Ralph Breaks the Internet
Mission: Impossible - Fallout
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All Critics (42)
| Top Critics (5)
| Fresh (40)
| Rotten (2)
| DVD (6)
Crumb's sense of humor is his saving personal grace and the movie's insurance policy against total immersion into the morbid. But just so you know, Crumb fully earns its most revealing screen credit: 'David Lynch Presents.'
Zwigoff's film rarely feels exploitative, and the fascination of Crumb and his family should not disguise the director's skill and sensitivity in marshalling his material.
Crumb may be rough around the edges, even occasionally tedious, but what Zwigoff manages to uncover is honest, captivating and strangely visceral.
(An) offbeat and often uncomfortably revealing portrait of the legendary underground comic book artist Robert Crumb and his brothers, Maxon and Charles...
an absolutely disarming documentary and one of the very best of its kind
Filled with haunting images, only a few of which are created by the hand of R. Crumb.
Among the all-time great American documentaries.
This brilliant docu is not just a portrait of a compulsive artist, but also a deep inquiry into the mysteries of art, creativity, mental illness and family bind.
Sporadically intriguing but ultimately overrated...
Zwigoff's biography of Crumb is both absorbing and repellent, and it may be one of the best documentaries to make the connection between creativity and craziness.
Geek coolness abounds.
The documentary profiles Robert Crumb, a cartoonist with a fucked up family and a perverse artistic sensibility.
A film with depth and probing intellect, Crumb is occasionally uncomfortable and devilishly funny. Its subject is unabashed in his perversion, but the film's real strength is its ability to look beyond the surface of things and give its audience a glimpse into the source of Crumb's disquietude.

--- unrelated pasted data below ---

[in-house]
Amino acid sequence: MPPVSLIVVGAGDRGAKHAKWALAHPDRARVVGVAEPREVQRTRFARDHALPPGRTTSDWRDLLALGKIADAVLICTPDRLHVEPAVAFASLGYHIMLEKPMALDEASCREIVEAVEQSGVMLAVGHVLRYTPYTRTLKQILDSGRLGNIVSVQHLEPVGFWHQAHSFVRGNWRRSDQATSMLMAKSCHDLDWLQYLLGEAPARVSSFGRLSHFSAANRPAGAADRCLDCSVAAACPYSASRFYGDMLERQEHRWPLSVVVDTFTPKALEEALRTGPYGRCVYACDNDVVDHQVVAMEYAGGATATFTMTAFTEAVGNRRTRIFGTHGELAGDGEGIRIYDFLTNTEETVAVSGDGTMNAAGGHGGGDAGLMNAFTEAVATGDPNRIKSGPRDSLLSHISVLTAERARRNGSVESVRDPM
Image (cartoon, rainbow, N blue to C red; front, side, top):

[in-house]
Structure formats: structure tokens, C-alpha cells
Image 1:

Overall, more about the man than his art, Crumb is an interesting profile.
Odd and wonderful study about Robert Crumb and underground comics with a dark view of America, sex and family.
I have a hard time recommending this. The film is a typical talking head doc about comics artist Robert Crumb, with all the traits you'd expect -- childhood, interviews with family and friends, examples of his work. It's definitely interesting, and the guy is a talented artist to be sure. But his style of art, his subject matter and just his general oddball personality make me uncomfortable. This is a man I would not like being stuck in an elevator with.
You have probably seen Robert Crumb's images somewhere, be it on a comic book, a set of mud flaps, or in your mind at night. Crumb's documentary is an examination of what led him to what could have been a lucrative existence as a 1960's icon that he shunned. Yes, Crumb is one of the few people with a little artistic credibility. What's interesting about the life of Crumb is how much of an influence his brothers were on his career and the fact they both appeared to have derailed in their lives with his older brother Cahrles committing suicide when the
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